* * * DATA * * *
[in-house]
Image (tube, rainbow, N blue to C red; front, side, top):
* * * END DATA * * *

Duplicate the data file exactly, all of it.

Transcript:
[in-house]
Image (tube, rainbow, N blue to C red; front, side, top):